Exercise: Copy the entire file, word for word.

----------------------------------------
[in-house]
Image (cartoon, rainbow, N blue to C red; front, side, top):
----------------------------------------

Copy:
[in-house]
Image (cartoon, rainbow, N blue to C red; front, side, top):